As it stands right now, there is no current agreement on a posting system, so that must be worked out before Tanaka is posted.

Back on the home front, Julie heard yesterday from a source that the Cubs are more optimistic about signing Jeff Samardzija than they were a week ago. They might be even more inclined to hold on to him for awhile given the return the Tigers received yesterday in a trade with the Nationals.

Washington obtained right-hander Doug Fister from Detroit for infielder Steve Lombardozzi and left-handers Robbie Ray and Ian Krol on Monday.

Fister is 29, Samardzija 28. Fister was 14-9 with 208.2 innings pitched in 2013, with 6.86 K/9, 3.42 xFIP and 4.6 WAR. Samardzija was 8-13 with 213.2 innings pitched, 9.01 K/9, 3.45 xFIP and 2.8 WAR. Pretty similar pitchers, except for the K/9 stat. Both are still under team control for two more seasons. So who are those guys the Tigers got from Washington?

Ray is the primary piece of value here, as a young lefty with solid stuff who has already succeeded at Double-A, getting his walks under control for a 60 inning stint in the second half of the season. Combined with a velocity spike that saw him sitting in the low-to-mid 90s, Ray’s stock is up quite a bit from last year, and Baseball America just ranked him as the organization’s 5th best prospect heading into 2014, though his pronounced platoon splits and previous control issues suggest he might end up in the bullpen eventually.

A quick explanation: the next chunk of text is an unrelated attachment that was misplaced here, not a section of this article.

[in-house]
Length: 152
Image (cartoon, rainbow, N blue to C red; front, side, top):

Krol and Lombardozzi are filler pieces essentially. Krol’s a hard throwing youngster who fits best as a lefty specialist, and probably shouldn’t face good right-handers in critical situations at this point in his career. Lombardozzi’s a reserve infielder who isn’t much of a hitter and doesn’t have enough glove to cover shortstop, so while he’s young, the upside is pretty limited. Maybe he grows into his power and develops into an okay second baseman in a few years, but for right now, he’s kind of a replacement level bench guy without a ton of value.